Investigation into why a panel blew off a Boeing Max 9 jet focuses on missing bolts

Jan 10, 2024, 6:00 AM | Updated: May 24, 2024, 10:23 am

boeing door hole alaska airlines flight...

In this National Transportation Safety Board (NTSB) handout, an opening is seen in the fuselage of Alaska Airlines Flight 1282 Boeing 737-9 MAX on January 7, 2024 in Portland, Oregon. A door-sized section near the rear of the Boeing 737-9 MAX plane blew off 10 minutes after Alaska Airlines Flight 1282 took off from Portland, Oregon on January 5 on its way to Ontario, California. (NTSB via Getty Images)

(NTSB via Getty Images)

The extended grounding of some Boeing 737 Max jetliners is adding to pressure on Boeing and the subcontractor that made the fuselage and installed a panel that blew out leaving a gaping hole in an Alaska Airlines plane last week.

Investigators know the sequence of events that led to the blowout Friday night, but they don’t know the cause. A key question is whether bolts used to help secure the panel, called a door plug, were installed. A National Transportation Safety Board investigator says the bolts have not been recovered and the agency won’t know if they were even in place until the door plug is examined in a laboratory.

Adding to Boeing’s problems, Alaska Airlines and United Airlines — the two U.S. carriers that fly the Max 9 — reported finding loose bolts and other hardware in other panels, suggesting quality issues with the door plugs are not limited to one plane.

The plugs are installed in Max 9 fuselages by subcontractor Spirit AeroSystems, which was spun off by Boeing in 2005. Spirit has a history of manufacturing problems, many uncovered in a U.S. House probe of two fatal crashes involving Boeing 737 Max 8 planes.

“The focus needs to turn to Spirit,” said former congressman Peter DeFazio, who chaired the investigating committee. “Boeing has been happy with the crappy stuff from Spirit because it’s cheap.”

The company said in a statement Monday that “quality and product integrity” are a priority. “Spirit is a committed partner with Boeing on the 737 program, and we continue to work together with them on this matter,” it said.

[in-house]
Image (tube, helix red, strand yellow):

The process of inspecting Max 9s and returning them to service has been slower than Alaska and United had hoped. The Federal Aviation Administration grounded all Max 9s in the United States on Saturday until they could be inspected, but Boeing didn’t provide inspection instructions until Monday.

On Tuesday, the FAA said those instructions were being revised “because of feedback,” and it extended the grounding of the planes.

“The safety of the flying public, not speed, will determine the timeline for returning the Boeing 737-9 Max to service,” the FAA said in a statement.

However, the inspection delays threw airline schedules into turmoil.

United said it canceled another 170 flights Tuesday because of the grounding. Alaska said it scrubbed 109 flights because it couldn’t fly Max 9s.

The part that failed on the Alaska flight is installed on some Boeing jets when airliners don’t have enough seats to require more emergency exits. The plugs are lighter than an aircraft door, reducing the plane’s weight and saving fuel. They are common on cargo planes that have been converted from passenger use.

During a briefing late Monday, NTSB officials described how the plug on Alaska flight 1282 rolled upward and flew off the jet. Four bolts and 12 connecting points between the plug and the door frame are supposed to prevent that from happening.

“We have not yet recovered the four bolts that restrain (the plug) from its vertical movement, and we have not yet determined if they existed there,” said NTSB aerospace engineer Clint Crookshanks. “That will be determined when we take the plug to our lab in Washington, D.C.”